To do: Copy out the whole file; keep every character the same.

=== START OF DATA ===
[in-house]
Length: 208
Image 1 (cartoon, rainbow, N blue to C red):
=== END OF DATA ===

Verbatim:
[in-house]
Length: 208
Image 1 (cartoon, rainbow, N blue to C red):